“Another possible benefit of choosing a nutrition coach instead of a dietitian is that their services may be cheaper.
Some dietitians charge upward of hundreds of dollars an hour for their services, which aligns with their experience and expertise in the field. But if you don’t have any health conditions that require medical nutrition therapy, a nutrition coach might be a more affordable option.”
Perhaps, but dieticians are totally useless as they have to follow the inverted pseudo-science they’ve been brainwashed with. Still, the cost should be a reflection of the experience and success amassed by said coach, but still affordable. It’s no easy task. My programs and guides take at least 8 hours to put together over the span of a few days. If I were to go with a few hundred dollars an hour, my programs would cost several thousand dollars, but they do not, as I want to help as many people as possible, while still making a living.
Can nutrition coaches give meal plans?
“Even though a nutrition coach can offer nutrition education and advice, they’re not typically able to prescribe meal plans to clients.”
Actually, as a ‘nutritional coach’ you should. Meal plans are key to develop a basic daily structure/routine and sound eating habits. Although, it’s not difficult to do this on your own when you focus on having two or three meals a day, while following the simple rule of not eating too close to your bedtime. Still, I give several examples of how to structure your day based you your work situation and lifestyle, and that meal plan is backed-up with about 30 or so meals/recipes. These meals are a blend of the best possible combinations for getting all essential nutrients and the right fat and protein ratio, and slightly tailored to the clients desired food items. Meal plans and recipes are simply a beginners’ crutch, a way to learn by doing and repeating, and as time goes on, it becomes natural and you know exactly what to eat and how to easily tweak your routines whatever might happen.
“For example, a nutrition coach can teach you about different aspects of meal planning, like food groups, preparation tips, portion sizes, and more. And if you’re looking for recipe ideas that you can incorporate into your weekly meal plans, a nutrition coach can also share those, as well.”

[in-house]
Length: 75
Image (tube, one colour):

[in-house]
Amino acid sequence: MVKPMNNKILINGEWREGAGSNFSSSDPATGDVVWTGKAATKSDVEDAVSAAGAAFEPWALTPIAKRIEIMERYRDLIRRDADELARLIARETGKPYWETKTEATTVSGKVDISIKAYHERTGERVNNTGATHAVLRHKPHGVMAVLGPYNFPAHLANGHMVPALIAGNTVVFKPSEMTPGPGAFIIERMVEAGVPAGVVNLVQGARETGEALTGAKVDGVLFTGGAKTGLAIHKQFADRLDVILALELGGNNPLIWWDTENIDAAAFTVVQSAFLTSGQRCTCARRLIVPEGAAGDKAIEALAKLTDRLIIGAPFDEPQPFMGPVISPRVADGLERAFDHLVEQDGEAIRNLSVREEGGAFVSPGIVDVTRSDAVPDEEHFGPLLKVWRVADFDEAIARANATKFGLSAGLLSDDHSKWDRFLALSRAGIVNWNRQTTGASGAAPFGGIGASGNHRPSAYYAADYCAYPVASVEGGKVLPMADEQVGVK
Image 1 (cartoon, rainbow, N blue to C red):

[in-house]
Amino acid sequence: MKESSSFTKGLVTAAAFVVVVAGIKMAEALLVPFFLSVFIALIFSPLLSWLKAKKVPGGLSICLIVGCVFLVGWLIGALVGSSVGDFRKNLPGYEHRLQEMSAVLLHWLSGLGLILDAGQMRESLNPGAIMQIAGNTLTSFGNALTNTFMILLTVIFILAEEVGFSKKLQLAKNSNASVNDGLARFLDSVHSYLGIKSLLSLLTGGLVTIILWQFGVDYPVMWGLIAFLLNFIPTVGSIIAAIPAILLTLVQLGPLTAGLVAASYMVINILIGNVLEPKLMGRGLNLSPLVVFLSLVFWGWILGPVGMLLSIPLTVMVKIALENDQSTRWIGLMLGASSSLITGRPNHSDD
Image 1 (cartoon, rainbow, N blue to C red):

Food groups are total nonsense. Humans are obligate hyper carnivores. We should only consume the flesh and fat of animals and animal produce. Anything else will only contribute to toxicity and disease.
And as for preparation and portion sizes, all that is part of the meal plans. I even have a e-booklet on meal preparation and cooking that every single client receives along with their nutritional guide.
What is the difference between a nutrition coach, a nutritionist, and a dietitian?
“Nutrition coach: This is someone with general nutrition and health knowledge who supports clients who are looking to make life changes. Since there are no licensing requirements for nutrition coaches, they may or may not have formal nutrition education and training.”
“Nutritionist: “Nutritionist” is a term that’s often used to describe a wide range of nutrition professionals with varying levels of nutrition education and training. Regulations for who can call themselves a nutritionist, and what they can do, vary from state to state and country to country.”
“Dietitian: A dietitian is someone who has formal nutrition education ― typically a master’s degree or higher ― and has completed an internship and passed a board exam. Dietitians who have completed these requirements may call themselves a Registered Dietitian (RD) or Registered Dietitian Nutritionist (RDN).”
Yes, and this is why nutritionists and dieticians are completely useless and will only do harm, as they follow a bastardized, indoctrinated pseudo-science of complete disinformation. If you fell into that trap and are a nutritionist or dietician, you need to throw that title and registration in the bin, then unlearn and relearn and come back as a natural human species-appropriate nutrition coach.
And as for nutrition coaches, they can be either a hit or miss, as they follow their own preference regarding “nutrition.” There are many nutrition coaches that have adopted our species-appropriate, species-specific natural human way of nutrition, and there are nutrition coaches that are into the ketogenic diet with a base on animal products. These coaches will actually help and improve the life of their clients, while the rest will not.
Still, most people out there do not have the slightest clue about proper human nutrition, so they will likely end up with a nutrition coach that are trapped in the same dogmatic nutrition ideology as the indoctrinated nutritionists and dieticians.
And that is why we who understand and have witness the extreme transformations and power of eating according to our physiology need to keep writing and talking about it. Educating as many as possible, and also educate our clients so they in turn can educate others.
If you’re interested or if you need help to get started with our species-appropriate way of eating, you can read more about my services here.